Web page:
5 Reasons Why DVDs Are Still Great in the Digital Age
There have been many ways in which to watch movies and television shows over the years. We started back with getting original prints of a film and using a projector to watch on a wall or large screen and eventually worked our way up to the current digital age. Now, even video game consoles are able to stream all of the media we consume through endless apps for streaming services.
We’re not too far removed from the days when the DVD was king, though. Even though digital has taken over for the most part, the DVD market is still very much alive. In fact, there are some people that haven’t made the jump to digital because the DVD is still a fantastic product. If you’re in this group or wondering why so many are, here are five reasons why DVDs are still great in the digital age.
No Internet Needed
First and foremost, to stream any movie or TV show, you need to have a stable internet connection throughout the entire stream if you haven’t downloaded it. Even then, you may live in an area where downloading a video can take ages and could possibly become corrupted. You also have to have storage room for all of your digital media and it can fill up quickly.
With DVDs, you don’t have to worry about that at all. Even if you’re using one of those video game consoles where you have to be online to play, you can still use a DVD while the internet is out or unstable. This makes a portable DVD player perfect for something like camping when your phone won’t connect to the internet to watch YouTube videos.
If you want a movie with better audio quality that’s better than a streaming service, watch it on DVD. If you want the best quality, watch it on Blu-Ray. Blu-Ray discs and players have Dolby TrueHD or DTS-HD, making sure that you hear everything at the highest quality. Then, of course, there’s the video quality.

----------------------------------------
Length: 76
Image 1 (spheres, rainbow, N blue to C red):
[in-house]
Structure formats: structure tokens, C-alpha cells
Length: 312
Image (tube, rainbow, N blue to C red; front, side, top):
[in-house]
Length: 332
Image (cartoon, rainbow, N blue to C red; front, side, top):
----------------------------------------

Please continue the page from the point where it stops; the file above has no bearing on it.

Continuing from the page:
Unless your disc is really scratched up, your Blu-Ray player is going to have the best possible quality outside of a movie theater itself. Streaming services are often buffering and upload speeds can hiccup and make things blurry. Nobody has ever complained about a blurry screen with a Blu-Ray film.
There are plenty of people out there who like to collect physical media, but it seems to be a dying art with the advent of streaming services for television and digital copies of video games. Those of us who are still collecting pine for the physical release of everything because of the aesthetic factor.
A solid chunk of the population will look at someone who collects DVDs or other physical forms of media as living in the past but don’t scoff at people who collect movie posters. It’s essentially the same thing, and people love to collect as a hobby. DVDs are no exception, especially with some of the covers being works of art.
Let’s say that you’re an avid collector and you’ve run out of room for your newest purchase. Because of that, there might be a DVD that you don’t particularly care for and want to get rid of. Instead of simply uninstalling it from a hard drive, you can sell it to someone to recoup at least some of the money.
In the cases of rarer DVDs, you can end up making money overall. DVDs that are still in their original shrink wrap are quite valuable to other collectors depending on what movie it is. “The Cremaster Cycle” is the rarest and most valuable DVD set, coming in at six figures since only 20 copies were made.
There are going to be times when old episodes of TV shows are removed from reruns and streaming services because they were a product of their era. This includes some content that would be considered sensitive or offensive today. There may also be instances like the “Pokemon” episode which could cause seizures.
When you get the DVD collection, you don’t have to worry about losing an entire episode of a show or a whole movie. There’s also the case of streaming services losing the rights to certain movies and TV shows. This has caused fans of shows like “The Office” to simply buy the DVD box set since the streaming rights have bounced around so much.